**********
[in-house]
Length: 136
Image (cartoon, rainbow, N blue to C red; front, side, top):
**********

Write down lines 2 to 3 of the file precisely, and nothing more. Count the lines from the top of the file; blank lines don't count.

Length: 136
Image (cartoon, rainbow, N blue to C red; front, side, top):